We’re continually inspired, impressed and moved by the amazing writing talent across the Tots100 community. Whether it’s the ability to make us laugh, cry or conjure up vivid images in our head, we’re never let down by the incredible range of writing styles on show across the UK parent blogging scene.
To celebrate this talent we’re starting a new series of Writing Masterclass posts on Tots100 throughout 2014, interviewing successful writers from all sorts of different genres, and asking them to set a monthly writing challenge for Tots100 members. This month we’re speaking to award winning blogger and published writer Tim Atkinson, who blogs at Bringing Up Charlie.
Read on to find out the writing challenge Tim has set us this month, and then link up your post to the linky at the bottom once it’s written. The linky will stay open for a month, before our next Writing Masterclass is launched with a new writer and challenge.
Q & A with Tim atkinson
Thank you for agreeing to be our first featured writer on the Tots100 Writing Masterclass! Let’s dive straight in – tell us how you came to be a writer.
By accident. And not once, but twice. First, when I was twelve and the proud owner of a scratch-built model railway I contacted a magazine and asked if they’d like me to write an article about it. Not only did they say ‘yes’ but they said they’d pay me too (more pocket money than I’d normally earn in a year)! From that moment, I was determined that writing was for me.
But it wasn’t until I gave up work as a schoolteacher to become a stay-at-home dad that a publisher (Hodder Wayland) got in touch and asked if I’d like to contribute a couple of titles to a series of school text books they were publishing. The rest, as they say, is history. Or it would be if I wasn’t still doing it. One novel, four non-fiction titles and an anthology later I think I can probably just about regard myself at last as a ‘writer’.
Have you always enjoyed writing?
It depends what I’m writing! At school I’d often create elaborate stories and could write like that for hours. I was less interested in writing to someone else’s plan – be it teacher, examiner or (latterly) editor!
How has your love of writing affected your day-to-day life?
Well, it’s sort of become my life, along with looking after the kids. In a way, I suppose, it’s always been there in the background (I wrote a diary for years) but it’s become the focus of almost everything I do these days, from blogging about the children and my efforts to look after them to writing books and articles about all manner of things. The only difference now is that other people read what I put down in writing. Sometimes (too rarely) they even pay me for the privilege!
Where do you find your inspiration?
Where don’t I find my inspiration? Honestly, just about anything and everything can lead to an idea for a blog post, a story, or a book proposal. Interviews (like this, but about my life as a stay-at-home dad) led to idea for ‘Fatherhood: The Essential Guide’. At the time I was being asked so many questions (by so many people) that I simply cut-and-pasted a lot of my answers into a book proposal. My first novel, Writing Therapy, grew out of the Creative Writing Diploma I was studying – it’s like a ‘how to write’ manual but written as a work of fiction. My latest novel is about World War One and was inspired by a chance conversation over supper with a friend whose grandfather had stayed in Belgium after the Armistice and helped clear the old battlefields, suffering secondary gassing from trapped pockets of chlorine and mustard gas as well as running the gauntlet of piles of unexploded ordnance.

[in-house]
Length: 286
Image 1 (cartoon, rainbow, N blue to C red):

What advice would you give someone who loves writing but lacks the confidence to share their work?
Start an anonymous writing blog and spread the word. Everyone needs feedback, but we’re all sensitive to criticism. By dipping your toe in the water like this you can toughen yourself up a bit and later, once you’ve got the confidence, start sharing your work face to face. Another great place to get advice is a site like Authonomy, which you can join (under an assumed name, if necessary) and then submit samples of your work for online feedback. But be prepared to hear some home truths! If you want your work to improve and you want to get better as a writer, there’s no avoiding it.
Similarly, what advice would you give prospective writers looking for a place to publish their work?
Sites like Authonomy (see above) have the advantage of being linked to several publishing imprints and some authors have found them to be a useful ‘way in’. The old model of writing a book, printing it out and hawking it for months or years around publishing houses or sending it to endless lists of literary agents is becoming more and more out dated. Self-publishing has increasingly become a platform from which new writers can get recognition and – in some cases – a mainstream publishing contract too. Things are changing and it’s an exciting time to be a writer!
Tim’s Writing Challenge
This month’s challenge is inspired by Tim’s book Writing: The Essential Guide (Need2Know 2011).
Tim is interested in the process of creating fiction out of real-life experience and the craft of story-telling. With that in mind, he’s challenged us to think of something (anything) that’s happened to you recently and craft it as an anecdote or story.
Tim’s tip: “Make the best of your material – decide what the ‘punch line’ is going to be and then determine the most entertaining and original way of getting there.”
Join our linky!
Once you’ve taken on Tim’s challenge don’t forget to link your Writing Masterclass blog post up to our linky so we can read it and share it with everyone else!